Saturday, March 22, 2014

How might WE learn?

Educators spend a significant amount of time reflecting on pedagogy to support an engaging student learning experience, and rightfully so.  How much time do school leaders spend planning and preparing to support 21st century professional learning?  How might we enhance the HOWs, WHATs, and WHYs for learning in this digitally connected age?

In the next month I’ll be sharing an interactive Digital Leadership Challenge designed to support HOW we learn.  The Digital Leadership Challenge article will be titled Driven to Collaborate.  It will feature creative mini-challenges submitted by ten connected educators across the country.  The article and accompanying mini-challenges is being published by the Minnesota Elementary Principal Association (#MESPAmn) and shared electronically via multiple sources including this blog.

We’ll be using a tiered system to ensure that regardless of where you are at on your Digital Leadership journey there will be accessible entry-points to learn and grow.  Weve also created a cool point-system with electronic badges that will be awarded based on the challenges you complete.  Im really excited by the inspiring variety of learning opportunities that will be outlined in the article.  Please encourage your colleagues to dial in to this unique, 21st century PD opportunity.

Watch for our the article the 1st week in May.  Special thanks to the amazing educators that collaborated on the Digital Leadership Challenge.

Mini-Challenge Submissions:

Curt Rees, Elementary Principal, WI

@CurtRees on Twitter

Patrick Glynn, Elementary Principal, MN

@GallyGopher on Twitter

Jessica Johnson, Elementary Principal, WI

@PrincipalJ on Twitter

Tony Sinanis, Elementary Lead Learner, NY

Joe Sanfelippo, District Superintendent, WI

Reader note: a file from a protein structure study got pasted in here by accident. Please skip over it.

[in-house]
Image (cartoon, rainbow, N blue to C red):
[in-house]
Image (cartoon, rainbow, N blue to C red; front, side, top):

@TonySinanis & @Joesanfelippofc on Twitter 

Dwight Carter, HS Principal, OH

@Dwight_Carter on Twitter

Dave Zukor, Integration Specialist, MN

@DZukor on Twitter

Rafranz Davis, Instructional Technology Specialist, TX

@RafranzDavis on Twitter

Daisy Dyer Duerr, PreK – 12 Principal, AR

@DaisyDyerDuerr on Twitter
Terri Eichholz, Teacher of K – 5 Gifted Students, TX

@TerriEichholz on Twitter

Eric Sheninger, High School Principal, NJ



Tuesday, March 4, 2014

PD & SIPs: Feel Like You're Herding Cats? That's OK!

If you're an educational leader, you've no doubt been involved in developing school improvement plans, following those frameworks that suggest our work can roll easily if we just follow the cyclical arrows: collect the data, identify the implementation needs, train the staff, take action, reflect, revise, and so on...

Continuous improvement plans have good intentions.  Making significant changes in teaching and learning means that educators need to speak a common language, have common expectations, and develop expertise in common effective strategies and instructional moves. It makes sense that we would follow an organized plan with timelines and outcomes, including opportunities for professional growth.  Yet, when embedding professional development activities into school improvement planning, the reality sometimes looks more like this:

Feel like you're herding cats?  Fantastic!  When planning for school improvement and professional learning, educator needs, background experiences, and learning styles vary-- just like those of our students.  If we keep our targets in mind, however, we can design plans that allow us to differentiate professional learning opportunities while still addressing the goals of school improvement.